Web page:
It’s an interesting contrast, with the player’s largest vehicle the most vulnerable and most in need of protection. Thankfully, there are a number of different routes to take to keep the MCV safe. Alongside the use of missiles, machine guns, and laser weapons, vehicles can ram opponents to inflict damage, and EMP blasts can knock out a enemy’s mobility and weaponry for a short while. This can be used very effectively to force raiders down blind passages, crashing them into walls and off the edge of cliffs.
It’s that active control that helps set Convoy apart from other games in the scene, a dynamism to the mechanics that makes the combat all-the-more rewarding. It also makes use of the game’s world to full effect. Desert roads are full of wrecks, canyons, and crude bridges, whilst towns have industrial buildings to avoid. Each battle is not only against a gamer’s aggressive opponents, but against the environment itself.
It all adds to Convoy’s immersion, and makes the user feel alien to the planet of Omek Prime. The world is equal parts Fallout and Borderlands, with the technophile T.O.R.V.A.K. akin to Fallout’s Brotherhood of Steel, but less concerned about the cost of human life in pursuit of technology. Raiders, meanwhile, fill the inevitable role of the cannibalistic hordes, spitting out vile phrases and hunting with particularly fast units. Finally, the Privateers act as land pirates, complete with a loose code of honor and a love of rum.
The well-rounded factions have their own territories, taking up different sections of the hexagonal map. Characters themselves, however, are few and far between, only met through investigating radio signals and hunting down the different items required to fix the player’s ship. There are no character portraits used, only text, and character models are missing in favor of the sprites of the vehicles themselves. Even the player’s own crew is only made available through brief, Command & Conquer-esque voice clips and the occasional text box.
Rather than hinder the game’s world-building, this design choice actually enhances it. Convoy’s graphics are simple, but effective, causing the focus of the player’s eye to always be on the central component of the game itself: the vehicles. On the planet of Omek Prime, most dialogue takes place over radio, and the world is built around dangerous land travel, fearsome mobile gangs, and armor-plated rigs. The only security the player finds is in their own convoy – and with it comes a sense of the vulnerability over even the most well-defended unit.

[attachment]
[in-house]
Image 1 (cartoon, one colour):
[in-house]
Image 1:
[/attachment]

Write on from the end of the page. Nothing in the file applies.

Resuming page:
It’s a clever balancing act, and one that is performed admirably. Better yet, Convoy Games has managed to walk an even finer line with great aplomb, and one that always separates the good roguelikes from the bad. The game’s difficulty never overcomes the addictive nature of the gameplay, and the frustration of a failed playthrough never beats the desire to have one more try.
This successful creation of moreish but fiercely difficult gameplay is perhaps down to the direct control that the player has. Although the random nature of the game can sometimes throw the user a bad hand, with weaker items to purchase in friendly areas or a lack of available fuel stops, often a playthrough will end because of a player error: a poor tactic used, a wreck missed in the environment, a bad decision made in a text choice. If a user fails, it is normally their fault, in much the same way as the likes of Faster Than Light and The Binding of Isaac.
Of course, Convoy Games is not the only developer with aspirations to emulate those titles. The roguelike market has become saturated over recent years, with many independent developers picking up on the sub-genre as a way to enter the zeitgeist on a small budget. Thankfully, Convoy is a game that deserves attention. Although the title stays a little too close to its roguelike blueprint, the open-ended nature and eye-catching, fluid battlegrounds make Convoy a thoroughly enjoyable and incredibly addictive journey into a post-apocayptic wasteland.
Convoy is out April 21 for PC and Mac, with a Linux release planned for the future. Game Rant was provided a PC code for this review.